Godspeed The Shazam
Not Lame Recordings, 1999
REVIEW BY: George Agnos
ORIGINALLY PUBLISHED: 05/08/2000
I can't remember the last time I heard a CD that really made my jaw drop in excitement. This is what happened when I first heard the latest CD from the Nashville rock band The Shazam. Oh, I have heard plenty of excellent, well-crafted CD's lately, but not one that really got my heart racing like this one. Their debut CD was a wonderful slice of hard-edged power pop sounding like a cross between Cheap Trick and The Replacements. Now this second CD, Godspeed The Shazam, ups the ante by showing both musical and songwriting growth by leaps and bounds.
On the musical side, it's as if the band listened a lot to late 60's Beach Boys and early 80's XTC and Rain Parade before recording their new CD, as they have developed a quirky, somewhat psychedelic sound. They have somehow done this without losing the edge that made the debut CD so good. For example, "RU Receiving" sounds like Cheap Trick doing a cover of the early XTC song "Are You Receiving Me?" managing to capture the essence of two very different bands beautifully with no musical whiplash. No small feat.
Their Brian Wilson influence is very evident on songs like "Calling Sydney" bringing an unlikely rock instrument like the tympani drums into the fold. And "Sparkleroom" has overt references to Wilson and his Beach Boys both sonically and in the chorus with the lyric "Come on surfer girl." Of course, not being a '60s band, they inject these songs with a bit of cynicism.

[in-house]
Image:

The Shazam also displays a very silly side to their music. "Chipper Cherry Daylily" is a very weird sendup on psychedelic music recalling David Bowie at his strangest. "City Smasher" is a harder edged curiousity displaying an almost Monty Python-like sense of humour. These two songs may be a little over the top, but they do show a lot of imagination. Producer Brad Jones does a great job making every song on the CD sound unique.
However, Godspeed The Shazam isn't just about great arrangements. The Shazam's lead singer and songwriter Hans Rottenberry has written one of the best songs I've heard in a while in "Super Tuesday," using the political primaries as a metaphor for a sagging relationship. He also manages to drop the cynicism for the earnest but clever love song "Some Other Time." The midtempo ballad "The Stranded Stars" also shows Rottenberry's tender side as well.
The Shazam finish the CD with two very different type of songs: a moody piece called "Better World" which shows they listen to Big Star as well, and the Replacements-like rocker "Gonna Miss Yer Train," which is there to remind the listeners that they haven't forgotten how to do a straight rock song.
In short, Godspeed The Shazam is an impressive tour de force that has a little something for every pop fan. Very rarely have I come across a CD with such creativity all the way through. It is really a shame that they have gone unnoticed by the public.